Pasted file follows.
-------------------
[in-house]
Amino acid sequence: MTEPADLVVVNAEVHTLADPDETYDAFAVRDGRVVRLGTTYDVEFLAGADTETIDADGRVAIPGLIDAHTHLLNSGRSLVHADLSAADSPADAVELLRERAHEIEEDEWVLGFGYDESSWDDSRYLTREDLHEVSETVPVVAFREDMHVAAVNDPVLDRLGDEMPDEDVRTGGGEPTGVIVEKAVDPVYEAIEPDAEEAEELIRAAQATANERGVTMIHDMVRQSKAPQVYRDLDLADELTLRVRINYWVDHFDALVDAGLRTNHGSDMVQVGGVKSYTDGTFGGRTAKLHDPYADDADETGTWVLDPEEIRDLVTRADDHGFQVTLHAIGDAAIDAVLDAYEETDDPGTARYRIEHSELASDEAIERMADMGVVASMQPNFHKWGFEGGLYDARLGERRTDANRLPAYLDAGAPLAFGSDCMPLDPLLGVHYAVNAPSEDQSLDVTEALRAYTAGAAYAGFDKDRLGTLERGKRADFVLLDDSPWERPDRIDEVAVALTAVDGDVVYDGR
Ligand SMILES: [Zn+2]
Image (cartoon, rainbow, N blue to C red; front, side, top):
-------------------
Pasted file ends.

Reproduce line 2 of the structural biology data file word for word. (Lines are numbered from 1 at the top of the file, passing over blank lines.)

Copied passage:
Amino acid sequence: MTEPADLVVVNAEVHTLADPDETYDAFAVRDGRVVRLGTTYDVEFLAGADTETIDADGRVAIPGLIDAHTHLLNSGRSLVHADLSAADSPADAVELLRERAHEIEEDEWVLGFGYDESSWDDSRYLTREDLHEVSETVPVVAFREDMHVAAVNDPVLDRLGDEMPDEDVRTGGGEPTGVIVEKAVDPVYEAIEPDAEEAEELIRAAQATANERGVTMIHDMVRQSKAPQVYRDLDLADELTLRVRINYWVDHFDALVDAGLRTNHGSDMVQVGGVKSYTDGTFGGRTAKLHDPYADDADETGTWVLDPEEIRDLVTRADDHGFQVTLHAIGDAAIDAVLDAYEETDDPGTARYRIEHSELASDEAIERMADMGVVASMQPNFHKWGFEGGLYDARLGERRTDANRLPAYLDAGAPLAFGSDCMPLDPLLGVHYAVNAPSEDQSLDVTEALRAYTAGAAYAGFDKDRLGTLERGKRADFVLLDDSPWERPDRIDEVAVALTAVDGDVVYDGR